Sergey Pakhomov is the man behind Shishanote, Reason Art Records and numerous other noise related projects. Much like Ivan Sandakov, he is surprisingly devoted to harsh noise wall. To certain Russians, HNW and even digital online released HNW is not some temporary fun thing you do for a couple of releases before moving on. Rather it is an obsession, and something to be explored for countless hours on release upon release.
HNW usually has some kind of theme, with fetishism or nihilism being the absolutely most common ones. There has been the odd attempt to fill it with other types of content – Left or Right politics, for instance (usually with a “far” prefix). Considering that HNW is simultaneously extremely egalitarian (cheap releases, simple means of production, radically modern product) and extremely esoteric and elitist (cliques of artists and fans who listen to and defend something completely inaccessible to 99,9% of humanity), it has always had a hard time convincing as any sort of vehicle for either progressivism or neofascism. In principle, individual psychological or spiritual ideas existing apart from or parallel to politics could mesh well with a sort of “music” that works on the mind, but in general such things have also been far from the HNW movement.
With Plastic Session Pakhamov takes another route entirely when it comes to the theme: there is no nihilism, fetishism, or any other non-noise theme to be found. Here, the means of noise making are moved to the forefront. Using only an old vinyl player with textured plastic attached to the turntable (hence the Plastic Session), and a 5-band equalizer, he has created 6 long (10-20 minutes) tracks of raw, pedal free harsh noise wall. Each track is clearly distinct from the other, as the vinyl needle digs into different parts of the surface, and the EQ shapes the sonic picture. Track 1 and 2 (all are untitled) are very traditional HNW songs, with a surprisingly wet and powerful sound. The first track is a bit more bass focused, while the second brings up the treble and mid range a bit.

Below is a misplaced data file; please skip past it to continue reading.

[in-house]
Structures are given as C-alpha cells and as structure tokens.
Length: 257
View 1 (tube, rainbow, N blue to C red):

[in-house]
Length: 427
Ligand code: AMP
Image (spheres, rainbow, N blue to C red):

“Untitled 3” deconstructs everything to the point of absurdity, with only dry, glitchy clicks going on for 15 minutes. It is perhaps more interesting as a study of what can be done with the equipment than really enjoyable. The following “Untitled 4” brings back the traditional hnw, though with a few more crackling snaps and pops, as does the penultimate “Untitled 5”. The concluding 20 minute track is the most powerful one, at first bringing Sleep Column and other such projects to mind, but utilizing stereo in a way very uncommon to the genre, and offering a massive surprise by introducing some rather drastic (and really good) shifts in the wall as it progresses.
This is yet another great release by Pakhomov. Sometimes, you get the feeling many of these sounds could have been used in something else entirely – a cleverly constructed harsh noise album or something – but even in this refined, boldly stated and pure form, it is thoroughly enjoyable. And, yes, if you choose the cheap-ass interpretation of “name your price”, it is also free.